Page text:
Man and Wife by Wilkie Collins
(Oxford World's Classics)

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The only edition in print, Man and Wife combines the fast pace and sensational plot of Collins's most famous novels with a biting attack on the inequitable marriage laws in Victorian Britain. - ;`This time the fiction is founded upon facts' stated Wilkie Collins in his Preface to Man and Wife (1870). Many Victorian writers responded to contemporary debates on the rights and the legal status of women, and here Collins questions the deeply inequitable marriage laws of his day.

Man and Wife examines the plight of a woman who, promised marriage by one man, comes to believe that she may inadvertently have gone through a form of marriage with his friend, as recognized by the archaic laws of Scotland and Ireland. From this starting-point Collins develops a radical critique of the values and conventions of Victorian society.

Collins had already developed a reputation as the master of the `sensation novel', and Man and Wife is as fast moving and unpredictable as The Moonstone and The Woman in White. During the novel the atmosphere grows increasingly sinister as the setting moves from a country house to a London suburb and a world of confinement, plotting, and murder. -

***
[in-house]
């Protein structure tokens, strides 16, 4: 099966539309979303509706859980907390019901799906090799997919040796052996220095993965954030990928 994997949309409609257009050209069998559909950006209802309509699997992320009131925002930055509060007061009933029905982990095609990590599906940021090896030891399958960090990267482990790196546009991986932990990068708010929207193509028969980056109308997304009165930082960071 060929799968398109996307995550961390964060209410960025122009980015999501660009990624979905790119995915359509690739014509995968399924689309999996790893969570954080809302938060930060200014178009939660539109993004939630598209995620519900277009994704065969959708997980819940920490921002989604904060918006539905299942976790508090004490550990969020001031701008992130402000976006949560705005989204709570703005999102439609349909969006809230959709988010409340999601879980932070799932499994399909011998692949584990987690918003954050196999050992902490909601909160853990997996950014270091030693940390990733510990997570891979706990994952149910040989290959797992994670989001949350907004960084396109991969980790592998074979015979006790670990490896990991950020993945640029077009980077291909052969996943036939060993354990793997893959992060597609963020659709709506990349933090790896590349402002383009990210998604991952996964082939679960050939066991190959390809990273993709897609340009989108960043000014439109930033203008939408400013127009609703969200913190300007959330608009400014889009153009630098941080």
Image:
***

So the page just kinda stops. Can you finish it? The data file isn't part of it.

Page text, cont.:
About Wilkie Collins

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Born in London, the son of artist William Collins, Wilkie Collins was educated at Highbury and spent four years in Italy with his parents. Upon his return to England, he worked first in business and then law, but eventually turned to literature. Collins created the crime novel of intricate plot and baffling mystery. The Woman in White (1860) was his first success, followed in 1863 by his masterpiece The Moonstone. Both novels demonstrate Collins' fascination with psychological portraiture and sensationalistic complication. Other books include The Haunted Hotel (1875), Antonia (1850), and Heart and Science (1883). Collins was a close friend of Charles Dickens and collaborated with him. His mastery of plot influenced Dickens, and he was influenced by Dickens's mastery of character.
Published March 9, 1995 by Oxford University Press, UK. 689 pages
Genres: Literature & Fiction, Mystery, Thriller & Suspense, Horror, History, Romance. Non-fiction

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